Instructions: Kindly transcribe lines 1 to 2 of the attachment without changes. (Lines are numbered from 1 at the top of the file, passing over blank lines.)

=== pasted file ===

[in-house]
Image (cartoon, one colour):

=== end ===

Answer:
[in-house]
Image (cartoon, one colour):